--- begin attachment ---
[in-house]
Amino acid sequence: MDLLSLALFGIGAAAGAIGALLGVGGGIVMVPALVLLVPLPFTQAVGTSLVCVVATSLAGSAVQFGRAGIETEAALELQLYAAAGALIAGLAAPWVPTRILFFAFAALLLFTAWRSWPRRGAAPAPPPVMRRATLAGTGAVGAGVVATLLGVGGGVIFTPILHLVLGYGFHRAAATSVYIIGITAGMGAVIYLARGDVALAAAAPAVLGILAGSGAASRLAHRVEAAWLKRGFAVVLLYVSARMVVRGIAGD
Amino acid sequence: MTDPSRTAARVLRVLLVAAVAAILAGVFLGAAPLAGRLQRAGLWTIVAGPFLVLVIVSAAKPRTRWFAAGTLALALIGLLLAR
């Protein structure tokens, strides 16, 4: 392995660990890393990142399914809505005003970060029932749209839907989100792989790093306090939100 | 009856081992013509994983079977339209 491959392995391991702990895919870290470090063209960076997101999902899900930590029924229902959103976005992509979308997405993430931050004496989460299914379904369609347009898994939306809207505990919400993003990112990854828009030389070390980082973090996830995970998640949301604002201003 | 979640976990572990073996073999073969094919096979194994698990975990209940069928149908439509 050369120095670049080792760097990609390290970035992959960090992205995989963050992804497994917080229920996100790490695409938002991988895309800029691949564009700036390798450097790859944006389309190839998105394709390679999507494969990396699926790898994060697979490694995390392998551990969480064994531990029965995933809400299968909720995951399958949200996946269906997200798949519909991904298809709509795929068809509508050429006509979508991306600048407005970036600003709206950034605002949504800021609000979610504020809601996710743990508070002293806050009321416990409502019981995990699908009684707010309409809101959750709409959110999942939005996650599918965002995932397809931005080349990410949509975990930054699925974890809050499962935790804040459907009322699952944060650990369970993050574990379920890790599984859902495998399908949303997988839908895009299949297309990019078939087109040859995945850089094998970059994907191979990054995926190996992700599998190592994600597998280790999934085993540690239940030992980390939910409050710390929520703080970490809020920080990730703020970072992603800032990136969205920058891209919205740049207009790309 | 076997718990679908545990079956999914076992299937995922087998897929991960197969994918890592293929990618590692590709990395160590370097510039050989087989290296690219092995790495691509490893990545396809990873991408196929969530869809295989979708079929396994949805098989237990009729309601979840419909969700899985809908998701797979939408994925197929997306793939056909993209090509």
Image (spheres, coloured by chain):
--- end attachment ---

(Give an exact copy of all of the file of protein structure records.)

[in-house]
Amino acid sequence: MDLLSLALFGIGAAAGAIGALLGVGGGIVMVPALVLLVPLPFTQAVGTSLVCVVATSLAGSAVQFGRAGIETEAALELQLYAAAGALIAGLAAPWVPTRILFFAFAALLLFTAWRSWPRRGAAPAPPPVMRRATLAGTGAVGAGVVATLLGVGGGVIFTPILHLVLGYGFHRAAATSVYIIGITAGMGAVIYLARGDVALAAAAPAVLGILAGSGAASRLAHRVEAAWLKRGFAVVLLYVSARMVVRGIAGD
Amino acid sequence: MTDPSRTAARVLRVLLVAAVAAILAGVFLGAAPLAGRLQRAGLWTIVAGPFLVLVIVSAAKPRTRWFAAGTLALALIGLLLAR
């Protein structure tokens, strides 16, 4: 392995660990890393990142399914809505005003970060029932749209839907989100792989790093306090939100 | 009856081992013509994983079977339209 491959392995391991702990895919870290470090063209960076997101999902899900930590029924229902959103976005992509979308997405993430931050004496989460299914379904369609347009898994939306809207505990919400993003990112990854828009030389070390980082973090996830995970998640949301604002201003 | 979640976990572990073996073999073969094919096979194994698990975990209940069928149908439509 050369120095670049080792760097990609390290970035992959960090992205995989963050992804497994917080229920996100790490695409938002991988895309800029691949564009700036390798450097790859944006389309190839998105394709390679999507494969990396699926790898994060697979490694995390392998551990969480064994531990029965995933809400299968909720995951399958949200996946269906997200798949519909991904298809709509795929068809509508050429006509979508991306600048407005970036600003709206950034605002949504800021609000979610504020809601996710743990508070002293806050009321416990409502019981995990699908009684707010309409809101959750709409959110999942939005996650599918965002995932397809931005080349990410949509975990930054699925974890809050499962935790804040459907009322699952944060650990369970993050574990379920890790599984859902495998399908949303997988839908895009299949297309990019078939087109040859995945850089094998970059994907191979990054995926190996992700599998190592994600597998280790999934085993540690239940030992980390939910409050710390929520703080970490809020920080990730703020970072992603800032990136969205920058891209919205740049207009790309 | 076997718990679908545990079956999914076992299937995922087998897929991960197969994918890592293929990618590692590709990395160590370097510039050989087989290296690219092995790495691509490893990545396809990873991408196929969530869809295989979708079929396994949805098989237990009729309601979840419909969700899985809908998701797979939408994925197929997306793939056909993209090509």
Image (spheres, coloured by chain):